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How the Human Proteome Folding Project Continues to Contribute to Science
29 Jul 2016   

Rich Bonneau, technical lead for the Human Proteome Folding project, recently spoke with us about how the project has contributed to advances in his work, as well as to advances in the understanding of the structure and function of proteins. This update includes a slide presentation and an audio recording of our interview as well as written excerpts.

The Human Proteome Folding project (HPF) was the first study to run on World Community Grid. Dr. Rich Bonneau, who was involved in both phases of the project, recently gave us an update on how the data and code from this project continue to help advance knowledge in the field of systems biology, including his current involvement in healthcare-related projects.

You can view slides along with the full audio of the interview below. You can also learn more about the project's background and read excerpts from the interview, starting below the slides.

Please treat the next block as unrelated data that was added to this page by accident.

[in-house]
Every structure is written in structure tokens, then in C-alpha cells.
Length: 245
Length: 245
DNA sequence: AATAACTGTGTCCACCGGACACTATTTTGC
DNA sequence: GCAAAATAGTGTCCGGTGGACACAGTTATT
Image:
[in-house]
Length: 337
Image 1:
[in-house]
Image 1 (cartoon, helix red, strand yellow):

Everything that goes on in cells and in the body is controlled by the shape of proteins that do or do not let proteins interlock with other proteins. Proteins can perform positive functions, such as helping maintain healthy cells. In some cases, diseases can prevent proteins from performing their necessary functions to maintain healthy cells.

Knowing the shapes of proteins helps researchers understand how the proteins perform their desired functions. For example, the proteins of a virus or bacteria may have particular shapes that enable them to break through the cell membrane, allowing them to infect cells.

For more information about protein functions, you can review this detailed description from Scitable by Nature Education.

The Human Proteome Folding project (HPF) ran in two phases; the goal of the first phase was to determine protein structure in order to predict their functions, and the goal of the second phase was to increase the resolution or accuracy of the predictions for a select subset of human proteins.

Bonneau Lab, 2016
Dr. Rich Bonneau (far right, top row) and members of his lab 

Interview Excerpts

Question 1: Can you give us an overview on how the data or tools that were developed during or as a result of the project have influenced your later work?